To show the city's residents that affordable housing and its residents belong in Irvine, The Irvine Company also met early with Westpark Village residents. The neighbors were won over by the open process and the high-quality design. The Irvine Company and the'City emphasized that San Paulo's residents would be members of the Irvine community. Teachers, firefighters, and other essential contributors to the city's life previously forced out of the city by its high housing prices would find an affordable place to live if San Paulo were approved.
Also key to the project's success was the participation of its non-profit partner, San Francisco's BRIDGE Housing. BRIDGE provided vital advice on affordable housing to the other members of the development team, assisted in the City of Irvine's approval process, and coordinated the project's financing, which came from city & county sources and state-authorized bonds and tax credits, with credit enhancement by Sumitomo Bank, Ltd. Forty percent of the units will be affordable to families earning less than half of Orange County's median income of $56,500; another 50 units are also designated as affordable to low- & moderate-income families.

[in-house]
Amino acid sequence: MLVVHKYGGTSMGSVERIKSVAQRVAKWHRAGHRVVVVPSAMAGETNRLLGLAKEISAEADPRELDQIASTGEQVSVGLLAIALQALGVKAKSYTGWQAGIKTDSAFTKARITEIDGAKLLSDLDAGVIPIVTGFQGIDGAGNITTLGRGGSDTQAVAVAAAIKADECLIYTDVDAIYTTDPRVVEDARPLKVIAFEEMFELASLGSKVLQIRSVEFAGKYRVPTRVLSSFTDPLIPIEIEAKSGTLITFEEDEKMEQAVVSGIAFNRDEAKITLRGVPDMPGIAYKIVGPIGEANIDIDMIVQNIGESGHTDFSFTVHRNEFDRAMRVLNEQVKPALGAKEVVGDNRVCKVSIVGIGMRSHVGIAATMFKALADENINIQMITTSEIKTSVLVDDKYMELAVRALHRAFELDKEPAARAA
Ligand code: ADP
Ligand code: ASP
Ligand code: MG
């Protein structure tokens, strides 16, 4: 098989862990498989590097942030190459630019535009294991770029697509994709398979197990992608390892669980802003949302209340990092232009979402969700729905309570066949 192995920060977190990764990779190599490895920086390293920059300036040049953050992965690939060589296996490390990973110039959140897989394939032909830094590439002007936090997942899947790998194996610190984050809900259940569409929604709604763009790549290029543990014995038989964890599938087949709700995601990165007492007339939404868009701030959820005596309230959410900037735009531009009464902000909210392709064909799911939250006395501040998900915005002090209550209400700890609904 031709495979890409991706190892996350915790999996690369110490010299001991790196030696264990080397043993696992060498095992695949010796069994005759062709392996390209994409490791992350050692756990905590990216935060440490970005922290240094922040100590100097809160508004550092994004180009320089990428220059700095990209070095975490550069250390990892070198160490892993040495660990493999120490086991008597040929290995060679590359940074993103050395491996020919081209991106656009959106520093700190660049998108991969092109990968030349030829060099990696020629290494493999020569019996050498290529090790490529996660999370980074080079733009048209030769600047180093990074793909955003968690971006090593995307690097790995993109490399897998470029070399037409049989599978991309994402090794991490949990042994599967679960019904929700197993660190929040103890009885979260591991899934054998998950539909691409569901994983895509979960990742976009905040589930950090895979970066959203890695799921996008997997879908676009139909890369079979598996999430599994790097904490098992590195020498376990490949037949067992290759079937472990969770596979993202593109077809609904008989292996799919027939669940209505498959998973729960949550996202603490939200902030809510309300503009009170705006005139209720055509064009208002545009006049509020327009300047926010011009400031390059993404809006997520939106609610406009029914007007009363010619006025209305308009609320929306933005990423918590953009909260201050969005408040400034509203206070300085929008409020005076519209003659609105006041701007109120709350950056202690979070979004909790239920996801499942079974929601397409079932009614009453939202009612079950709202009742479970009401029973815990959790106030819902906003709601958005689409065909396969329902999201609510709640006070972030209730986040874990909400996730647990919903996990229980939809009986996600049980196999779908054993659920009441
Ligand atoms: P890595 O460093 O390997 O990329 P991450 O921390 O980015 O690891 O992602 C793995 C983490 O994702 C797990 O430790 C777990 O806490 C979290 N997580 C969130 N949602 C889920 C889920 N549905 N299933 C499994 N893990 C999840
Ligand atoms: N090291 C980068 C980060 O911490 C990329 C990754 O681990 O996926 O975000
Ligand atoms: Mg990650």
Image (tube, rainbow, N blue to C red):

In Irvine, the developer, architect, non-profit partner, and city staff needed to overcome one key obstacle: unfamiliarity. Residents' preconceptions fit the myths-and not the reality-of today's mixed-income, non-profit sponsored affordable housing. By being sensitive to both the design of surrounding developments and neighboring residents' desires to feel included in decisions, the development team has created a successful model for emulation throughout southern California.
Myth 7: High-density and affordable housing undermine community character.
New affordable and high-density housing can always be designed to fit into existing communities. Density, as measured in units per acre, can be a deceiving measurement, but new housing at between 20 and 50 units per acre can be designed to fit in most California communities. The best way to convince people of this is to show them how well new housing can fit into their neighborhoods. (See "Resources: Increasing housing densities," at the end of this publication, for a list of slide shows and videos.) Communities can also achieve higher densities by filling in the existing urban fabric with second units, duplexes and conversion of out-moded or abandoned commercial buildings. Local governments must often encourage infill by reducing regulations and restrictions.